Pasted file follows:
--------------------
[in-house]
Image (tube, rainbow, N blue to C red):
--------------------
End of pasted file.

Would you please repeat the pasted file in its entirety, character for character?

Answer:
[in-house]
Image (tube, rainbow, N blue to C red):